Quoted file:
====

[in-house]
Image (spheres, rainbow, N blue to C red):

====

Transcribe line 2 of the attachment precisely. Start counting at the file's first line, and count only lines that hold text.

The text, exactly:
Image (spheres, rainbow, N blue to C red):